Euro breakup : Why Morgan Stanley is wrong

A few months back Morgan Stanley analyst Joachim Fels produced a set of warning signs that would indicate the Eurozone was at increased risk of breakup. He’s back today with a new research note

To be clear, we neither advocate a EUR break-up nor is this
our main scenario. However, the risk that it happens is far
from negligible and the consequences for financial markets
would be severe. Given recent developments, a break-up
scenario has clearly become more likely, for two reasons.
First, the lesson for other euro area members from the Greek
bail-out package is that no matter how badly you violate the
SGP guidelines, financial help will be forthcoming, if push
comes to shove. This introduces a serious moral hazard
problem into the European equation. Fiscal slippage in other
countries has now become more rather than less likely in our

Introduces a serious moral hazard? Bollocks. Look at the timelines people! 5th of November the Greek government admit they (previous administration) had been lying, on the 20th of November the ECB threw them to the wolves (by tightening collateral obligations which meant there was a good chance Greek government debt would become unacceptable). Come December, the Greeks were desperately scrambling for the lifeboats, the Socialist Party implementing the first round of pay cuts and other austerity measures. Throughout most of the first half of this year, Greek screams of pain were met with varying degrees of indifference from the rest of Europe. It was only after significant additional austerity was promised, riots that left three dead and the bond market had completely sunk Greece that the European creditors reacted with a credible bail out plan. There is no moral hazard here. The Greeks were dealt a savage, bloody, beating by the European Central Bank and the European creditor nations. No Greek government will ever want to repeat this experience.

Joachim continues –

Second, the ECB’s climb-down on its collateral rules
regarding lower-rated bonds, which ensures that Greek
government bonds will still be eligible as collateral in ECB
tenders beyond 2010, adds to this moral hazard problem and
confirms that the ECB is not immune to political
considerations and pressures.

Which kind of misses the point. The ECB was already accepting those bonds, withdrawing that right is what made Greek vulnerable to attack in the first place. In fact the inverse is true here, had the ECB not reversed it’s decision Greece would have been forced to default – perhaps threatening the solvency of the entire Eurozone.

It’s easy to misinterpret incentives, we saw much the same thing around the proposals for the EU ratings agency. The assumption seemed to be that the agency would kindly rate the debt of deliquent EU rule breakers as AAA. Why would European creditor nations, like Germany, want that? More likely they’d want a ratings agency that does it’s job and alerts them to problems before they’ve blown out of all proportion. An agency which doesn’t have a track record of rating junk sub-prime loans as investment grade (grippling European banking systems). But no, the thought processes were, that the Germans want a ratings agency that will lie to them so they can lose money on Greek debt. Yeah, right.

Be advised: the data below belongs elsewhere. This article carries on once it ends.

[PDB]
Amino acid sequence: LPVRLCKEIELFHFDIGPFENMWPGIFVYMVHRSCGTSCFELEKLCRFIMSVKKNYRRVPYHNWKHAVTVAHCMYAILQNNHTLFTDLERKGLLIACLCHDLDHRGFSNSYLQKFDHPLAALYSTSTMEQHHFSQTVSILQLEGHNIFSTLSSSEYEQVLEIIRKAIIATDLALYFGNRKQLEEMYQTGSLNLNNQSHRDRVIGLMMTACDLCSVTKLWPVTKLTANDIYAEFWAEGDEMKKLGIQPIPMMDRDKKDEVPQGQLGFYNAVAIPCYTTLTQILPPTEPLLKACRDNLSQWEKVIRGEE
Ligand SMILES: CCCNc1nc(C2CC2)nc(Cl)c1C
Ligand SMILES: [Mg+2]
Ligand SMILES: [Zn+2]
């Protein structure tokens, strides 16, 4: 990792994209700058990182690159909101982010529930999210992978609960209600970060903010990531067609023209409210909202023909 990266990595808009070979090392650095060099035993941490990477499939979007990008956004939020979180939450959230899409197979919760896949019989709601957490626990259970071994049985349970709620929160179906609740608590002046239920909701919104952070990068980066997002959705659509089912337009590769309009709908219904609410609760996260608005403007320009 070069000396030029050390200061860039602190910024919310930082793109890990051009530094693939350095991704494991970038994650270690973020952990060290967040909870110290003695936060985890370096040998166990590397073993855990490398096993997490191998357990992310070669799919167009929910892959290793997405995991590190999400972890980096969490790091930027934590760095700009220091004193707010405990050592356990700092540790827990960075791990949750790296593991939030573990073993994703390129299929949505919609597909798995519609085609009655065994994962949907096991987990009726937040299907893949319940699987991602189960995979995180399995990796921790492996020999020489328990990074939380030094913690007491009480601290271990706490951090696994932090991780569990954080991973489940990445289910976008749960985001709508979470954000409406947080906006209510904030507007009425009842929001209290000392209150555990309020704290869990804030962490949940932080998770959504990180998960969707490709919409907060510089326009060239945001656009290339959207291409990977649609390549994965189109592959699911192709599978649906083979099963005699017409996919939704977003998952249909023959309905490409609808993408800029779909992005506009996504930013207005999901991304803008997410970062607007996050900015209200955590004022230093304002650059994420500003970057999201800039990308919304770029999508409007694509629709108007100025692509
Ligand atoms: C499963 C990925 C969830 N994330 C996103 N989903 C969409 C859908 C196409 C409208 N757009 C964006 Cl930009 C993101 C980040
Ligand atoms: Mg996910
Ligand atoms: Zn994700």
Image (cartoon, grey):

Anyhow, Joachim has some arguements about a weakening Euro

The shift from the initial fiscal problem in the
periphery (Greece) has now become a fiscal problem for core
Europe; more importantly for the euro, it has also undermined
the credibility of the ECB. The ECB’s priority has not been to
focus on the euro as a store of value but has shifted to
helping stabilize the situation. Its role as lender of last resort
has been fully tested and arguably its independence
undermined now that it is buying government bonds to help
ease Europe’s debt problem. There is little doubt in our minds
now that through this crisis there is growing evidence that the
euro is no longer a hard currency like the deutschemark but
something softer. If this is true then those that hold euros
might be less willing to hold them and, as Exhibit 5 shows,
investors – especially central banks and equity investors –
have bought significant amounts of euros since its inception in

While this is all true, it ignores the fact that the Federal Reserve has been doing this and much, much more since the crisis began. It also ignores the fact that a store of value is a two-way street. The Euro must not become a debtors prison, debt-deflation which would increase the value of real debts must be avoided. If anything the ECB is behind the curve on this, having demonstrated toughness in dealing with fiscal indiscipline Jean-Claude Trichet should perhaps reread Ben Bernanke’s seminal ‘Deflation making sure it doesn’t happen here’ and initiate an EU-wide monetary stimulatus blitz, that would offset the deflationary measures being taken by the governments of the PIIGS. A weaker Euro is a good start, but if that doesn’t do the trick, perhaps he should note we don’t need a helicopter – just a debit card for every man, woman and child pre-loaded with €10,000 courtesy of the ECB. That will do nicely (and if we really need a new treaty for this – I confidently predict a landslide!).

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